As earlier reported on Extra Credit, the enthusiasm gap between Republican youth and Democratic youth appears to be widening in the the GOP’s favor for the upcoming midterm elections.
Inevitably, in the following days and months after the midterms, the Democratic Party and its backers will undoubtedly search for an answer to this growing problem: Where did all the youth go, and how can the Democratic Party win them back?
The youth did not disappear as much as we became disillusioned with the American political process. The liberal/left youth in this country are physically exhausted from the relentless attacks from the right and are frustrated with the waffling leadership in Congress and the White House.
While not every liberally inclined “youth” voter is the same, I feel as if I accurately represent the mean. I am 24; the first election where I legally voted was in ’04. I am a baby of Reagan, a toddler of H.W. Bush and a child of Clinton—but I grew up and came of age under the regime of George W.
The fabled youth in America—and the other 69.4 million Americans who voted for Barack Obama in 2008—were not looking for a continuation of triangulation, or the failed neo-liberal past that brought us to the brink of a depression—but a new beginning, dare I say a revolution, within the political process and society. Yes, the majority of new voters were naïve to believe that such a revolution was possible in this post-modern age, but this is what the Democrats implied through their optimistic rhetoric and imagery in 2008.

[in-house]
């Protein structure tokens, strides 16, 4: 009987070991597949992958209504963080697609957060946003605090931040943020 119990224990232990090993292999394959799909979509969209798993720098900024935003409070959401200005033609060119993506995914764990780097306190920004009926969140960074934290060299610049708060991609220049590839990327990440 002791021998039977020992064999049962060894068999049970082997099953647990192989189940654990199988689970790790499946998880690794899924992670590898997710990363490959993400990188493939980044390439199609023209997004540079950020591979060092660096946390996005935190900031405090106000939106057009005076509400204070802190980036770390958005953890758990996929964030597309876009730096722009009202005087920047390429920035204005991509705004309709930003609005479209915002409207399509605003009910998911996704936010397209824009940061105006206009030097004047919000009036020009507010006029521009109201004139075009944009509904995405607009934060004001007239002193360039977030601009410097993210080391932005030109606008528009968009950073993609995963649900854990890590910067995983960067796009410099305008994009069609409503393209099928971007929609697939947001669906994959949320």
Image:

In believing the Democrats would be able to fundamentally change our lives and make a difference, we gave the Democrats filibuster proof majorities in the House and Senate in order to implement our expectations. But instead of getting transformative leaders, we elected a party of dithers—who acted as if they were a minority-ruling party.
In two short years, the Democrats inexplicitly sold out our ideals and convictions—convictions and ideals the party ran on—to an illegitimate, reactionary adversary in the Republican Party.
However, the final straw for me, as a youth voter, was the healthcare bill—where we the people were sold out by the Obama administration.
According to former Senator and Majority Leader Tom Daschle’s new book Getting It Done: How Obama and Congress Finally Broke the Stalemate to Make Way for Health Care Reform, the Obama administration compromised with the insurance companies just days after his inauguration. The compromise included the exclusion of a public option: the basic provision for any legitimate, universal healthcare system.
If the Democrats’ only prerogative with the healthcare bill was to produce a piece of paper of half-measures to parade around the country as a report card for the midterms—then they should have revealed this to the voters in 2008.
The Democratic Party, in its waffling away of a filibuster proof majority in Congress, revealed themselves to be the perfect party for an ever increasingly failed political system—where the convictions and beliefs of the majority are trumped by those with corporate or minority-self interests.
Despite attempts from the Democratic Party to reach out to youth, the growing numbers of disenchanted youth are not convinced that they should still feel enthusiastic about voting and participating in democracy if the organs pulling the strings continually reveal themselves to be fraudulent.
While I hope that youth do show up at the polls to vote on November 2, if the turnout is disappointing, the Democratic Party only has itself to blame for growing youth malaise and apathy.